Based on their court filings and arguments, one cannot escape the lugubrious conclusion that teacher unions defend the indefensible: retention of incompetent teachers; that is, indifference to the best interests of the children.
Item: The Colorado Education Association last week lost a lawsuit in Denver District Court in which it argued that the Colorado legislature cannot change the supposed Constitutional right of a teacher not to be fired.
Now, check this item: The California Teachers Association and the California Federation of Teachers lost a lawsuit this week in which they argued the opposite: “Circumventing the legislative process to strip teachers of their professional rights hurts our students and our schools.”
So which is it? Does the state legislative process have, or not have, the authority to make laws governing the dismissal of teachers? Teachers unions want it both ways. One cannot escape the conclusion that teachers unions will argue the issue in any way that’s convenient to their agenda, namely: Incompetent teachers cannot be dismissed. They can only be reassigned.
Item: In California, in the last ten years only 91 teachers in California have been dismissed, and only 19 for unsatisfactory performance, out of a current, yearly census of 280,000 teachers — that is, 0.002% a year, compared to 1% of other California public employees and 8% of workers in the private economy — according to the Wall St. Journal.
Ironically, the Colorado teachers union argues that to deny a teacher a right to a lifetime contract is to deny them their Constitutional rights; yet, it is precisely the failure of the policies of the California teachers unions that denied students their equal rights under the Constitution. Lest that sound far-fetched, here’s the clear-cut Constitutional issue:
The unwillingness of teachers unions to dismiss incompetent teachers means that they must be placed somewhere, and the only schools that will take them are the worst ones. The students in those schools are wholly or preponderantly students from the lower socio-economic strata. Translation: Poor kids get bad teachers and a bad education. Education is not equal. If you live in a good neighborhood, you receive a better education than if you live in a bad neighborhood.
No less than Brown v. the Board of Education was cited by the California judge in striking down the state’s tenure law. That famous Supreme Court decision ruled against “separate but equal” schools in the racial sense. The California court’s message is clear: Separate but equal schools in the teacher-quality sense also violate civil rights under the US Constitution. Unequal — i.e., worse — education, perpetuated by teacher-union policies that preserve the employment of bad teachers, is a civil rights issue of our time. After all, one-eighth of the nation’s students are in the California public school system.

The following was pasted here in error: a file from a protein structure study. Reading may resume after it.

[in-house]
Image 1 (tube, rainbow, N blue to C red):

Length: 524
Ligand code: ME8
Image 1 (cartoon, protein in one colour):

Note the fallacy of the word “tenure” in the public school context. “Tenure” is more widely known as a term that applies to university professors. To receive tenure, a university instructor typically needs to teach for four to ten years and also needs to publish original research, favorably evaluated by peers. Though that sense of tenure is not perfect, it nonetheless bears no relationship to the typical qualifications for tenure in the public school system. There, tenure simply means teaching for a few years (in California, two years or less); it is not based on the rigorous process in the university context.
One may recall the movies that depict rooms full of tenured public school teachers who are not allowed to teach but are paid. One can read the arguments in the Colorado case in which, supposedly, the dismissal of incompetent teachers violates their contract rights and property rights. One can read the arguments in the California case in which a teacher’s seniority in and of itself is a legitimate factor in determining whether the teacher may be laid off.
True enough, tenure protects young teachers from being dismissed at a whim. This legitimate concern has been abused in the extreme. It has become inpossible to dismiss bad teachers — that is, to make room for good ones — due to tenure. The California court, in doing away with tenure, did the nation a big favor, no doubt triggering a national debate and, we hope, a long overdue — and bipartisan — course correction in public education. No less than Secretary of Education Arne Duncan praised the California decision.
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